CHARTS: Gold price propped up (only) by Western investors

The latest report by The World Gold Council on global trends in 2016 showed a modest overall increase in demand for the metal, but that was solely on the back of investor purchases of ETFs, primarily on Western markets.
Last year saw the largest inflow into ETFs since 2009 and would've surpassed that banner year were it not for a sharp reversal in the final quarter

Research from WGC, an industry body, indicated 2016 full year gold demand gained 2% to reach a three-year high of 4,308.7 tonnes.

Total investment demand grew by 70% to 1,561 tonnes despite slightly lower bar and coin sales during the year with demand for gold-backed exchange traded products jumping to the second highest on record.

At more than 660 tonnes it was the largest inflow into ETFs since 2009 and likely would have surpassed that banner year were it not for a sharp reversal in the final quarter of 2016.

CHARTS: Gold price propped up (only) by Western investors

US investors took profits following the drop in the gold price after Donald Trump's election victory – of the net sales of 193 tonnes during Q4 2016, US funds accounted for 158 tonnes. European ETFs would have stayed in positive territory through Q4 were it not for selling in the UK.  While growing fast ETFs in Asia make up a fraction of the total – holdings in China was up five-fold in 2016 but still only totalled around 36 tonnes.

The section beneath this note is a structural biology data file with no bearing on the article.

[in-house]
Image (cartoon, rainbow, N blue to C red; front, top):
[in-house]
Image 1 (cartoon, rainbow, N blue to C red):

Total consumer demand fell by 11% to 3,071 tonnes, from 3,436 tons in 2015 thanks mainly to weak jewellery sales which fell to a seven-year low. The authors of the report ascribe the 15% fall in global jewellery demand to rising prices for much of the year, regulatory and fiscal hurdles in India and China’s softening economy were key reasons for weakness in the sector.

While this was the seventh consecutive year that central banks were net purchasers of gold, they bought 33% or 193 tonnes less than they did in 2015 according to the report. At a total of more than 383 tonnes it was the lowest since 2010.

Buying in 2016 was led by the central banks of Russia, China and Kazakhstan. Together they accounted for around 80% of the full year figure, but Chinese buying dried up completely as the country battled a flight of capital.

Venezuela, in the grips of an economic crisis disposed of a chunk of its gold holdings while Azerbaijan, Argentina and Jordan also reported a drop in gold reserves.

CHARTS: Gold price propped up (only) by Western investors